Educational Revolution Must Start from the Top and Go All the Way to the Bottom

11.30.2013, No Comments, Education, by .

If you stop for a second and watch the TED talks about education, you will witness professionals talking about the issues we have in education and ideas on how to solve them. All of them provide a wonderful argument and their ideas are marvellous; however, they all fail to point an important piece for this educational revolution to succeeded which is asking where to start doing these changes. Most speakers in TED talk about changes from kindergarten up to High School; however, they do skip the level of education at university level. From these levels of education is were we must start the educational revolution, not the other way around. Here are the two main reason why we should start from there:

1. Lets assume you have an student who had grow up in this new educational system. What would happen to that student when he goes to the university and encounter that they teaching using the old methods of education? Is he going to be able to adapt?
2. Most of the educators that are teaching in schools today, they learned how to teach when they were students at the universities. If the classes at the universities do not use these new methods of education then how do you expect to see them applied at the schools?

The universities are the parents of the educational system. They must provide the correct example if we wish for the children, the schools, to follow. If we keep this current old system running in our universities then any hopes for an educational revolution is wasted. The educational revolution must start in our universities now if we wish to see any changes at our schools in the near future.

Example of Knapsack Algorithm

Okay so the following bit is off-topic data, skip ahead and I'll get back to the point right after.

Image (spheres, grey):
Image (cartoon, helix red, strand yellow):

Example of Knapsack algorithm.

NOTIFICATION: These examples are provided for educational purposes. Using this code is under your own responsibility and risk. The code is given ‘as is’. I do not take responsibilities of how they are used.

knapsack.c:

/**
* Knapsack Algorithm
* @author: Alejandro G. Carlstein R. M.
* @description: Simple Knapsack algorithm
*/
#include <stdio.h>

/* Macros Functions */
#define max(a,b) \
({ typeof (a) _a = (a); \
typeof (b) _b = (b); \
_a > _b ? _a : _b; })

/* Debugging flags */
#define DBG_LV1 0
#define DBG_LV2 0

/* Constants */
#define MAX_STRING_LEN 80
#define MAX_ITEMS 100
#define MAX_WEIGHT 1000

/* This is an item we can put into the knapsack. */
typedef struct{
char name[MAX_STRING_LEN];
int weight;
int value;
} item;

/* Our dynamic programming table element.  We have the value
* that we can store, and also a way to remember what we selected.
*/
typedef struct{
int value;
int prev_row;
int prev_column;
} prog;

void print_table(int num_items, int max_weight);
void print_table_prev_xy(int num_items, int max_weight);

/* The actual DP table, and the items.  Note that we have an extra
* row and column in the table for the "zero elements" and "no weight"
* situation.
*/
prog table[MAX_ITEMS + 1][MAX_WEIGHT + 1];

item items[MAX_ITEMS];

int main(int argc, char *argv[]){

int num_items; // Number of items
int w; // Weight
int max_weight;
int n; // Item number;
int i, j;
int diff_weight;

/* Read in the maximum weight and number of items. */
scanf("%d %d", &max_weight, &num_items);

if (DBG_LV2){
printf("\nMax Weight: %d, Number of Items: %d \n\n", max_weight, num_items);
}//end if

/* Read in the items */
for (n = 0; n < num_items; ++n){